A number of border checkpoints have been set up along the SA border. Photo: ABC News/Samantha Dawes

Chief public health officer Nicola Spurrier says the exemptions were granted by a member of SA Health’s exemptions committee who has since been counselled.

Five of the 11 who have already arrived in SA will undergo 14 days’ hotel quarantine at their own expense and then will be free to remain in the state.

The others have had their exemptions revoked.

It comes as SA recorded its first new cases in almost two weeks after a man and a woman in their 20s tested positive after arriving from Qatar on Sunday with their young child.

They are in quarantine and their child has tested negative.

A hotel security guard is being treated as a close contact and will also be forced to quarantine after potentially being exposed to the family.

On Wednesday, Victoria recorded 15 new COVID-19 cases and five more deaths, taking the state toll to 771 and the national figure to 859.

Melbourne’s crucial 14-day new case average dropped to 29.4, below the figure of 50 needed for authorities to consider easing some restrictions.

NSW recorded six new cases, all of whom were returned overseas travellers in hotel quarantine.

There were no new cases in Queensland in the 24 hours to 9am on Wednesday.

Victoria’s easing of restrictions could go further

Victorian Premier Daniel Andrews has hinted Melbourne’s coronavirus restrictions could be lifted quicker than first planned as the state slowly gets on top of its second wave.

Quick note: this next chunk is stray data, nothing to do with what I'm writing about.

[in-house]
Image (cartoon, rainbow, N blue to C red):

Victoria reported just 15 COVID-19 cases on Wednesday, with Melbourne’s crucial 14-day average of new infections dropping below the 30 threshold.

MELBOURNE, AUSTRALIA - JULY 23: People are seen at a tram stop on July 23, 2020 in Melbourne, Australia. Face masks or face coverings are now mandatory for anyone leaving their homes in the Melbourne metropolitan area or the Mitchell Shire. Under the new rule, which came into effect at midnight on Thursday, anyone failing to wear a mask in public can receive a $200 fine. Metropolitan Melbourne and the Mitchell shire remain in lockdown due to the rise in COVID-19 cases through community transmissions, with residents in lockdown areas under stay at home orders until 19 August. People are only able to leave home have for exercise or work, to buy essential items including food or to access childcare and healthcare.
The coronavirus pandemic has changed the way we commute, work, and live. Photo: Getty

It now appears certain that Melbourne will move to the next phase of the state government roadmap.

Asked on Wednesday if he was looking at going further when he announces an easing of restrictions in coming days, Mr Andrews said: “Yes, I am.”

“But I’m not in a position to give you the full list of what we’re looking at,” he told reporters.

Authorities want Melbourne’s new case average between 30 and 50 before they consider easing restrictions next Monday.

Any announcements are expected on Sunday.

Under the government roadmap announced earlier this month, the planned changes on Monday would include public gatherings being allowed for five people from two households.

Schools, child care and some workplaces would open, along with outdoor pools, while personal trainers could operate with two clients.

There could be outdoor religious services for up to five people, plus a leader.

-with AAP and ABC